Parents must teach children to behave

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Parents must teach children to behave

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You know you’re getting old when you begin to think that young children are cute. I now understand when older people say grandchildren are lovely. I even think children I’m not related to are sweet. My wife would say I wasn’t so involved when we were actually raising our kids, but I was under such pressure to support my family that I had no chance to appreciate how fun fatherhood could be. Nowadays, however, I find young ones laughing on the playground irresistibly lovely and cute.

But not all children are cute and lovely. Not so long ago, I went on a group tour in another country, and one of the children in my group turned the trip into an unexpected nightmare. The kid whined, threw tantrums and ran up and down the hotel corridors late at night. He was loud in restaurants and lacked table manners. Though other people complained, the parents seemed to believe in their parenting style and did not care to control the child.

Some time ago in Paris, I witnessed a father using “violence” on a young child in the metro. When the kid whined, the father tried to calm him. But as the kid was about to throw a tantrum, the father spanked him mercilessly. I felt sorry for the kid but thought that it might just be French-style parenting. Maybe strict discipline is the reason I’ve hardly seen any children misbehaving in public places in France.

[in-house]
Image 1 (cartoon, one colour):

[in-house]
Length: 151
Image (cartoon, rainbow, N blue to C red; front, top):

In her book “Bringing Up Bebe: One American Mother Discovers the Wisdom of French Parenting,” Pamela Druckerman compares the parenting styles of French and American parents based on her own experiences. French parents act like dictators with their children, but American parents tend to cater to them. For example, when a child cries and whines, French parents scold him or let him get over the frustration. But American parents try to compromise.

Surprisingly, many Korean parents think it is okay for a child to misbehave as long as the child does well at school. But as I grow older, I’ve realized that etiquette and decency are far more important than academic success. In order to avoid disapproving glances from other people, we need to teach our children patience and consideration. Children need to learn that not everything in the world will go as they please, so they need to be patient and control their needs. They should also learn not to bother other people. You can be a friend to your children, but above all, parents should act like parents to guide their children in the right direction.

by Bae Myung-bok

* The author is an editorial writer of the JoongAng Ilbo.

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